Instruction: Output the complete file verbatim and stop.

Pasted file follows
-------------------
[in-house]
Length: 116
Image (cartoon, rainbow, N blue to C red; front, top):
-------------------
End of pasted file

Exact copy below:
[in-house]
Length: 116
Image (cartoon, rainbow, N blue to C red; front, top):